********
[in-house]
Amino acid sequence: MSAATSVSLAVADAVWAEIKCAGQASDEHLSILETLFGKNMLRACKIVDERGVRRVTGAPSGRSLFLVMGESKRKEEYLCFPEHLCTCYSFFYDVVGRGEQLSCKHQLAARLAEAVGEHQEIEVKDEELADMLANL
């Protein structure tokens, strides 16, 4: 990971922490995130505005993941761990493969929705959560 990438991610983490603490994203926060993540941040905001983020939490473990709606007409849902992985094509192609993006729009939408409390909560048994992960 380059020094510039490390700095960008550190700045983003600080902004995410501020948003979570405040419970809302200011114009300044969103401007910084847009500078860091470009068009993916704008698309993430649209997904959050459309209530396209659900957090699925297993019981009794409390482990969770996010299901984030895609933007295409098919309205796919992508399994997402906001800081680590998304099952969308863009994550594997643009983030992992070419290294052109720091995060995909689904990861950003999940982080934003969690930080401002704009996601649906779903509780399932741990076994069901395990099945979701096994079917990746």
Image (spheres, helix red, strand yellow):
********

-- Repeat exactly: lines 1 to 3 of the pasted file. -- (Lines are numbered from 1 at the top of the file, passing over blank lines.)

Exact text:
[in-house]
Amino acid sequence: MSAATSVSLAVADAVWAEIKCAGQASDEHLSILETLFGKNMLRACKIVDERGVRRVTGAPSGRSLFLVMGESKRKEEYLCFPEHLCTCYSFFYDVVGRGEQLSCKHQLAARLAEAVGEHQEIEVKDEELADMLANL
């Protein structure tokens, strides 16, 4: 990971922490995130505005993941761990493969929705959560 990438991610983490603490994203926060993540941040905001983020939490473990709606007409849902992985094509192609993006729009939408409390909560048994992960 380059020094510039490390700095960008550190700045983003600080902004995410501020948003979570405040419970809302200011114009300044969103401007910084847009500078860091470009068009993916704008698309993430649209997904959050459309209530396209659900957090699925297993019981009794409390482990969770996010299901984030895609933007295409098919309205796919992508399994997402906001800081680590998304099952969308863009994550594997643009983030992992070419290294052109720091995060995909689904990861950003999940982080934003969690930080401002704009996601649906779903509780399932741990076994069901395990099945979701096994079917990746």